By Chloe Aiello
The 2018 Midterms may well go down in U.S. history as an election of firsts, with historic wins for Muslims, women, and LGBTQ candidates.
In Boston, city council woman Ayanna Pressley made history by becoming the first black woman the state of Massachusetts has ever sent to Congress. Pressley ran unopposed after she ousted 10-term incumbent Rep. Michael Capuano in the primaries.
In New York, Alexandria Ocasio-Cortez, a 29-year-old Bronx native and self-proclaimed Democratic Socialist, became the youngest women ever elected to Congress. She made headlines in September after a stunning primary upset over career politician and incumbent Rep. Joe Crowley.
Two Midwestern states will both be the first to send Muslim women to Congress come 2019. Ilhan Omar handily beat her Republican opponent and will go on to the House to represent Minnesota's fifth district, which includes much of Minneapolis. She will also be the first Somali-American in Congress.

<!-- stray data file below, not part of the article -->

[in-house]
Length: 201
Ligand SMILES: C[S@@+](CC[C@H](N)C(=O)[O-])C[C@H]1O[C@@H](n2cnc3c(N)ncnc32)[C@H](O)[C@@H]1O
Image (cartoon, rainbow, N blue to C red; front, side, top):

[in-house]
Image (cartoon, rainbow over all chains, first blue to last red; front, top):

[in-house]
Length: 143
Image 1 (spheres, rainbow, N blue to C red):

In Michigan, voters elected Rashida Tlaib to fill a seat vacated by John Conyers, who resigned last year after allegations of sexual misconduct. Tlaib won by a landslide in a district that includes parts of Detroit and its suburbs.
Jared Polis made history in Colorado as the first openly gay man to be elected governor in the U.S. An early cannabis proponent, Polis ran on a progressive platform and replaced incumbent John Hickenlooper, who had reached his term limit.